Simon Jones of Hidden Value Partners writes about the challenges and choices facing leaders during their first hundred days in post.
The clock is ticking for London’s new Mayor, Sadiq Khan. It’s too early to judge him on his election promises, but initial judgements – on style, direction and actions – are often done on a new appointment’s first 100 days. Khan’s was on 24 August – and there ends my politics.
The same expectations and judgements are made of a new CEO, company owner or boardroom chair. But beware, for it can be tempting to rush into a new job, and be impatient for change – in particular if you are coming in after a crisis. Quite often however, people believe their ‘fresh eyes’ will find ‘new solutions’. It is a common syndrome, and an easy mistake to make. After all, will your ideas actually be that new and original? What will be the impact of having over hasty ideas on your relations with long-standing directors, senior managers and employees? And actually, do you know what is really going on beyond the boardroom?
So, my advice is ditch those rapid impressions and off-the-shelf solutions. Instead, look right in front of you, at the staff – who are a more pertinent and thought-through source of ideas. They will have years of experience, and ideas that were unheard, untried or ignored by the former management – what we call ‘hidden value’ of a business.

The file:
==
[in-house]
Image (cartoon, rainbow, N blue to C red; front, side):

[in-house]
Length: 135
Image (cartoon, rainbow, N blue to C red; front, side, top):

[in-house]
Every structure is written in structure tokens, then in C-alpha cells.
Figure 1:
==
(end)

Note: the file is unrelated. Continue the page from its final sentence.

By interviewing carefully selected representative of all staff levels of a company – especially below the main Board level, in-depth and in a positive way, with the Board retaining ownership of the exercise – new insights will be listened to, and forgotten ideas reawakened. It is a skilled exercise and requires highly qualified interviewers; and staff need to be met somewhere confidential, away from the workplace, so there are no time pressures and they are reassured their comments will be welcomed.
Yes, you got it, it’s a bit like ITV’s Undercover Boss – only you use skilled interviewers, not camera lenses. Also, once the interview results are collated you supplement it with business and market analysis. And the results are spectacular. As well as for new appointments it can be used where there is a failing company subsidiary or division; during a business turnaround or restructuring; or, the case of redundancies, to capture insights before ‘core intelligence’ leaves.
This ‘Hidden Value Inquiry’ approach can expose the unrealised insights and value in a company, creating opportunities that were previously invisible. It changes the game. It can offer new views and vistas on familiar landscapes. It can enable turnaround, recovery and growth. As for your first 100 days, it avoids some of the trapdoors when new in post.